The California Air Resources Board approved a regulation that would require some medium- and heavy-duty trucks and bus owners to inspect their vehicles’ emissions control systems twice a year.
The Heavy-Duty Inspection and Maintenance program will roll out a statewide network of roadside emission monitors to screen for high emitting trucks, starting with the San Joaquin Valley and South Coast and expanding over time. It will also require vehicles with a gross vehicle weight rating greater than 14,000 pounds operating in California to perform periodic testing and submit the data to CARB.
As with passenger cars and light-duty trucks, California registration of these heavier vehicles will require passing an emissions control system inspection. Unlike light-duty smog checks, however, there is no requirement to go to a ‘brick and mortar’ heavy-duty smog check station.
Heavy-duty vehicle owners will be able to complete the required test and deliver the information remotely without having to travel to designated testing locations. For telematics users, an onboard diagnostics inspection that draws emissions control performance data from the vehicle’s internal computer, an inspection can be completed automatically without taking the vehicle out of operation. OBD systems have been required by CARB on heavy-duty vehicles since 2013. Older heavy-duty vehicles without on-board diagnostic systems would continue the current opacity testing requirements with an added visual testing component, twice each year.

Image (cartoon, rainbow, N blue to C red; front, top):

The Heavy-Duty Vehicle Inspection Program will continue to augment the new testing requirements with inspections and testing randomly carried out at border crossings, California Highway Patrol weigh stations, fleet facilities and randomly selected roadside locations.
The regulation expects to cover roughly 1 million heavy-duty trucks and buses operating in California. While these vehicles comprise 3% of all vehicles on California roads, they are responsible for more than 50% of nitrogen oxides and fine particle diesel pollution from all mobile sources in the state, CARB officials said in a press release.
By 2037, the program is estimated to deliver reductions of 82 tons per day of NOx and fine particle diesel pollution. CARB also directed a four-times per year testing frequency for trucks with on-board diagnostics to be phased in over time.
The program is estimated to cost $4 billion. CARB officials say the program is expected to yield $75 billion in health benefits, prevent 7,500 air-quality related deaths and 6,000 hospitalizations and emergency room visits from 2023 to 2050.
The new program implements SB 210, which was authored by California Senator and ex-officio CARB member Connie Leyva in 2019. It will also include independent owner/operators who were exempt from the current program of periodic smoke inspections.